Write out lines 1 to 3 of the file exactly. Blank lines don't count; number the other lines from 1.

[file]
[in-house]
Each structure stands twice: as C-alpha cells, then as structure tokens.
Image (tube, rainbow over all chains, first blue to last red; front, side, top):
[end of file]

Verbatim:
[in-house]
Each structure stands twice: as C-alpha cells, then as structure tokens.
Image (tube, rainbow over all chains, first blue to last red; front, side, top):